Britain's love-hate relationship with surveillance has taken a new twist with the news that a member of Parliament was bugged while visiting a constituent in prison – a breach of rules that privacy advocates say is symptomatic of a cavalier free-for-all in one of the world's most closely watched societies.
The outcry involving Sadiq Khan, whose conversations with a man facing extradition to the United States on terrorism charges were secretly recorded, has generated alarm that individual rights are increasingly becoming subordinated to national security. That debate swirled around the British Parliament again Wednesday, when Prime Minister Gordon Brown announced plans to allow some wiretap material to be used in court to boost the prosecution cases against suspected terrorists.
But even Mr. Brown admitted that there was a fine line to tread between national security and private freedoms. "The use of intercept evidence characterizes a central dilemma that we face as a free society – that of preserving our liberties and the rule of law, while at the same time keeping our nation safe and secure," Brown told Parliament.
It is ironic that Britain has, for so long, bucked the international norm of using wiretap evidence in court, given its growing reputation as the "big brother" of the democratic world. Bugging and telephone wiretaps can be set up without recourse to a judge – unlike the vast majority of European democracies and the US. The home secretary authorized more than 3,500 spy operations in 2005 and 2006.
More than 600 public bodies can now seek covert access to the communications records of any private individuals, and do so at a rate of around 1,000 requests daily. There are more than 4 million closed-circuit television (CCTV) cameras – one for every 14 people – and a London commuter can expect to be recorded more than 300 times a day.
Britain also has the world's largest (per capita) police DNA database, with more than 4.5 million samples, not all of them from the guilty. Not surprising, a collective shudder ripples whenever careless government clerks mislay private data, a blunder that appears to be happening more often.
"Britain has the most CCTV cameras and the largest DNA database per capita in the Western world, yet our data protection laws have not been updated in 10 years and the Information Commissioner lacks the resources to effectively protect our privacy from government intrusion," says Gareth Crossman, director of policy at the human rights group Liberty. "The argument of 'nothing to hide, nothing to fear' rings hollow now that the government has lost literally millions of people's personal data in the last few months. If we don't pause for thought now, our children will grow up without any sense of the value of privacy."
Information commissioner Richard Thomas has repeatedly warned that Britain is becoming a "surveillance society." In Parliament Wednesday, opposition MP Nick Clegg accused Brown of making the British public the "most spied upon on the planet."
"It's impossible to guarantee that you will retain any individual privacy, because under the current arrangements, everybody is likely to be swept up into the surveillance bucket," says Simon Davies, director of Privacy International (PI), a privacy watchdog.
In PI's latest international rankings, Britain ranks worst in Europe for privacy and only just slightly ahead of China and Russia. "Britain fares badly because its surveillance is entrenched," says Mr. Davies. "It's not bolted on; it's deeply ingrained."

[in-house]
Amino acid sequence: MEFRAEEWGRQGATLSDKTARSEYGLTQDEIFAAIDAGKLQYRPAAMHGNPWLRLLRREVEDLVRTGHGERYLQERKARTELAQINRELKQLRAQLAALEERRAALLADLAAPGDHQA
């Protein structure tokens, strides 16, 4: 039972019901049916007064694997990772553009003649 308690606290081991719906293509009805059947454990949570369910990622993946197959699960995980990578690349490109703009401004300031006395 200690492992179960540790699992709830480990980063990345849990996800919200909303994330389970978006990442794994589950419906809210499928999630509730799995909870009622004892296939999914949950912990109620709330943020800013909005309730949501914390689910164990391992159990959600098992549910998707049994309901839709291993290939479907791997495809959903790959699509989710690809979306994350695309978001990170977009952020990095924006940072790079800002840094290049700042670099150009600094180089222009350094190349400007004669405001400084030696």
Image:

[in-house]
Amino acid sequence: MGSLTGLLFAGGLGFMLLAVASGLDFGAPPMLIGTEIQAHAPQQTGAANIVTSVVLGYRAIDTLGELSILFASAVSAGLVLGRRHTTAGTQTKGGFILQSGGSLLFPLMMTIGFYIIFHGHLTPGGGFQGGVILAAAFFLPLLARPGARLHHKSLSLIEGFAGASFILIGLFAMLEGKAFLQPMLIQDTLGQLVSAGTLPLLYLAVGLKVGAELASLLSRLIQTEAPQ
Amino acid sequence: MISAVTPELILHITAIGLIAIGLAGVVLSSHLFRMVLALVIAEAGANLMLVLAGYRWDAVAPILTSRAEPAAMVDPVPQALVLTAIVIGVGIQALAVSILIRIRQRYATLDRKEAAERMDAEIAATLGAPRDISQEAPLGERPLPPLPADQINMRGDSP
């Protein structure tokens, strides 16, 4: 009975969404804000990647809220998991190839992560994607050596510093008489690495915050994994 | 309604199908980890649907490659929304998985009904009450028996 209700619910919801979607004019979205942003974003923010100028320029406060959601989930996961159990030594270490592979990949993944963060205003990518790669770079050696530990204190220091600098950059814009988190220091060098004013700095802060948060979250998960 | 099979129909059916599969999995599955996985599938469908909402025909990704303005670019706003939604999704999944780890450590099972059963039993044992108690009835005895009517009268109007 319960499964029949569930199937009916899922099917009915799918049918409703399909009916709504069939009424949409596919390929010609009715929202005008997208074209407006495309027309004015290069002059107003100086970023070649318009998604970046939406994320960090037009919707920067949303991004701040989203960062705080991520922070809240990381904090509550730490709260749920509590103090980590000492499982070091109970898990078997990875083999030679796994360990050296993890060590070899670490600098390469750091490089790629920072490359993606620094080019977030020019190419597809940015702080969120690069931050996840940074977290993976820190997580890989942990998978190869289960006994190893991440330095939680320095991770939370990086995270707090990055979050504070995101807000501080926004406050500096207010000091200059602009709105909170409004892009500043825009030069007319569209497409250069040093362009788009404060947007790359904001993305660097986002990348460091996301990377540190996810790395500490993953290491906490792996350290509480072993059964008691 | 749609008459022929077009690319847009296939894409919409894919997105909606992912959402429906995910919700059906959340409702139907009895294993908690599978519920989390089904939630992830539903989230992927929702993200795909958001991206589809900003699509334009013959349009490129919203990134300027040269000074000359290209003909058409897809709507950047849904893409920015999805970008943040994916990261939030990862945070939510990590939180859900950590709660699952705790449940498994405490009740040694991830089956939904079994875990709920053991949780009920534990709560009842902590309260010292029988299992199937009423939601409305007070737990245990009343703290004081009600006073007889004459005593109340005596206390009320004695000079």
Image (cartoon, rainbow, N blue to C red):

Lawyers, meanwhile, are anxious that suspects in pretrial detention are routinely bugged by police, violating their right to seek confidential advice. Simon Creighton, a lawyer who says his conversations with a client were bugged, told the BBC: "It is a very, very basic principle of English law that people are entitled to seek confidential legal advice."
Yet not everyone is unhappy about the Orwellian technology amassing data on Britain's 60 million people. While few profess a love of speed cameras and the idea of a national road tracking system to levy tolls, surveys depict a public far more at ease with CCTV. Attitudes on ID cards, tentatively scheduled to be introduced in 2012, tend to be polarized, with a small but growing minority implacably opposed.
Security experts, meanwhile, defend wiretapping as an essential part of intelligence work, one that has unravelled more than one terrorist plot.
"It's a very important tool," says Peter Neumann, a security expert at King's College London. The fact that wiretaps can be set up without judicial oversight "means that British intelligence can do things that other countries aren't capable of doing," he says. "It's worked quite well in this country – the tradition comes from the Northern Ireland experience when bugging was widespread and very useful."
Indeed, one of the best pieces of intelligence gleaned in Northern Ireland involved not so much the Irish Republican Army's plans for violence but their thoughts of peace. "The British government realized the IRA was seriously interested in striking peace deals not because of what they said publicly but because of what they got from bugged telephone conversations," says Mr. Neumann. "That gave the government the confidence to start the process that led to a peace agreement."
But security services have been loath to hand over transcripts and bugging material to the courts for use in prosecution cases. Quite apart from the bureaucracy that this will entail, they say that doing so will expose their methods and technologies.
But Brown signaled Wednesday that intelligence officers may have to overcome that concern, though he added that security services would be given control over how their material was used in court. "Their fears are overstated," says Neumann. "Every intelligence service in the world has to deal with this. I think it will come."